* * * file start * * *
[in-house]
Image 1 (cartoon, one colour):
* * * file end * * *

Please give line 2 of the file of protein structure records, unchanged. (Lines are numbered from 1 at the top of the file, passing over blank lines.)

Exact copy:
Image 1 (cartoon, one colour):